• Employee Stock Options and Convertible Securities: Companies often grant stock options or issue convertible securities to employees or investors. When these alternatives are exercised, or securities are converted into standard shares, the number of outstanding shares rises. To account for this, the number of shares allocated upon the exercise or conversion must be added to the existing number of shares.
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How to Calculate Outstanding Shares

The number of outstanding shares can considerably affect a business's stock cost. Generally, an increase in the number of outstanding shares through stock offerings or allocation of new shares dilutes the current shareholders' ownership stake. This dilution can reduce earnings per share (EPS) and impact the stock cost negatively. On the contrary, a decrease in outstanding shares, such as via share buybacks, can boost earnings per share and possibly increase the stock cost. Investors closely evaluate changes in outstanding shares to consider possible dilution effects on their investment.

In addition, the calculation of outstanding shares depends on the type of stock a company has issued. Generally, two types of stock exist, such as

  • Common Stock: It represents equity ownership and carries voting rights. To calculate outstanding shares of common stock, you need to subtract the treasury shares from the total issued shares. The result represents the number of shares held by shareholders and available for trading in the market.

    Outstanding Shares of Common Stock = Total Issued Shares - Treasury Shares

  • Preferred Stock: It usually grants priority in dividends but lacks voting rights. The outstanding shares calculation is different for each type. Determining the outstanding shares of a preferred stock involves considering any convertible securities or options that may be converted into common shares. If any such conversion occurs, the number of outstanding shares increases accordingly.

Key Terms for Outstanding Shares

  • Outstanding Shares: The total count of shares released by a company and owned by its shareholders, excluding any shares held by the company itself.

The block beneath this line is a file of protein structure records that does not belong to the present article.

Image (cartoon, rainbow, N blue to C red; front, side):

• Shareholder: An individual or entity that possesses shares in a company and holds the rights and entitlements associated with ownership.
  • Common Stock: Regular shares that represent ownership in a company, typically granting voting rights and potential dividends.
  • Preferred Stock: Shares that hold certain advantages over common stock, such as priority in receiving dividend payments and claim to assets during liquidation.
  • Treasury Stock: Shares repurchased by a company from shareholders and held in its possession, resulting in a decrease in the number of outstanding shares.
  • Authorized Shares: The maximum quantity of shares an organization is legally authorized to issue, as specified in its corporate charter.
  • Dilution: It refers to the reduction in the ownership percentage of existing shareholders caused by the issuance of additional shares.
  • Voting Rights: The ownership given to shareholders to participate and vote in enterprise decisions, usually proportionate to the number of shares they possess.
  • Stock Split: A corporate action that increases the total number of outstanding shares while proportionally decreasing the share price, often carried out to make shares more affordable or improve liquidity.
  • Earnings per Share (EPS): It is a monetary calculation that estimates an organization's total profit divided by the number of outstanding shares, demonstrating profitability on a per-share basis.

Final Thoughts on Outstanding Shares

Understanding outstanding shares is necessary for investors to assess a business's market worth, ownership system, and voting authority. Moreover, investors can make well-thought decisions by considering outstanding shares and examining diverse financial ratios to evaluate a company's performance. Additionally, the impact of outstanding shares on stock prices highlights the importance of monitoring changes in the number of shares outstanding. Also, to effectively navigate the investment domain, gaining a comprehensive understanding of outstanding shares is crucial in maximizing investment returns and minimizing risks.